Listen on Spotify

5. Tokyo Ska Paradise Orchestra – “Paradise Has No Border” (Nacional Records)

Tokyo Ska Paradise Orchestra – “Paradise Has No Border” (Nacional Records)

Heading out with their 22nd album, these 10 champions of the Tokyo music underground all share a love of ska music. Some are talented jazz musicians, others are into dub and reggae, while others are very punk at heart. Singing in English, Spanish and Japanese, they call for a love of energetic and infectious music to unite us all.   Known for foot-stomping live performances, this record is full of horns, drums, surf guitar and great helpings of fun.

Listen on Spotify

4. Paul Kelly – “Life Is Fine” (Cooking Vinyl)

Paul Kelly – “Life Is Fine” (Cooking Vinyl)

Paul Kelly is a master storyteller and his songs have become part of the soundtrack of his native Australia. On Life is Fine, his 23rd recording, he is by turns soulful and rocking out, almost positively chirpy in places. Reminiscent of his classic releases of the 1980’s and 90’s (such as Gossip, Post, Under The Sun), Kelly is capably supported by a crack live band and the soulful, funky harmonies of Vika & Linda Bull. Life is, indeed, fine.

Listen on Spotify

3. Slowdive – “Slowdive” (Dead Oceans)

Slowdive – “Slowdive” (Dead Oceans)

Shoe-gaze and post-rock don’t have to be alienating musical terms. The music is all swirls and swells. It is all about the slow build and the impending tempo shift. Glittering and shimmering, ethereal and earthy, this is music that has space to breath and solid feet to walk upon. It is wall-of-sound guitars with whispery, sweet pop vocals.    

While I am a fan of U.S. bands that are less pretty and more angular (such as Sonic Youth and My Bloody Valentine), it seems the Brits define the genre – I’m thinking here of Mogwai, Cocteau Twins, Lush, and Jesus & The Mary Chain. It may be 22 years since the last Slowdive album, but it seems as though this English band hasn’t missed a beat.

Listen on Spotify

2. The National – “Sleep Well Beast” (4AD)

The National – “Sleep Well Beast” (4AD)

Bands age and their attentions change.  As the musicians mature, their concerns can become well-rounded and deeply reflective. In Sleep Well Beast, The National have produced one of their most refined and well-crafted albums. It is brooding and moody, but still with an art rock swagger and sway.  The dominant mood is a simmering melancholy, as they contemplate and struggle with disintegrating relationships.   

Occasionally described as America’s Radiohead, with a complex interplay between the individually accomplished musicians, this is one of the most sonically satisfying rock albums of the year. The National are a band at the top of their game and it shows.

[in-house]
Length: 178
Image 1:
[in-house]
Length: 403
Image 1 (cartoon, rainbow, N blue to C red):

Listen on Spotify

1. Sufjan Stevens, Bryce Dessner, Nico Muhly & James McAlister - “Planetarium” (4AD)

Sufjan Stevens, Bryce Dessner, Nico Muhly & James McAlister - “Planetarium” (4AD)

Collaborative and visionary, this concept album was born as a live production. On stage, as a commission from the Dutch concert hall Muziekgebouw Eindhoven, this would have been an expansionary experience. Modern classical composer and arranger Nico Muhly teams up with guitarist Bryce Dessner (from the National), the adventurous singer-songwriter Sufjan Stevens and his drumming buddy James McAlister. Toss in a string quartet and a consort of seven trombones.   It is part rock opera and space symphony, part ambient sojourn, and part expansive song cycle.   Planetarium reflects on the solar system and all the pushes and pulls of human existence.   

Like Bon Iver’s magnificent album from last year (22, A Million), Planetarium can be discordant and confronting and it is a lengthy listen at 75 minutes.   But, is an album to which I return and find brilliance and bounty at every turn. An exceptional, one-of-a-kind journey that is full of beauty and wonder. I can only hope and trust that it returns as a live performance. I’ll be waiting with expectation.

Listen on Spotify

Ten more favorites of 2017 (in alphabetical order):

  • Aldous Harding – “Party” (4AD)
  • Beck – “Colors” (Capitol)
  • Caroline Keys – “Mean to Stay” (Dirt Wave)
  • Low Cut Connie – “Dirty Pictures (part 1)” (Contender Records)
  • Juana Molina – “Halo” (Crammed Discs)
  • Public Service Broadcasting, “Every Valley” (Play It Again Sam)
  • Sampha – “Process” (Young Turks)
  • Moses Sumney – “Aromanticism” (JagJaguar)
  • The War on Drugs – “A Deeper Understanding” (Atlantic)
  • The xx – “I See You” (Young Turks)

Zed hosts "Freeforms" at 11 a.m., Mondays on MTPR. He returns in 2018 with more great new releases from across the musical genres.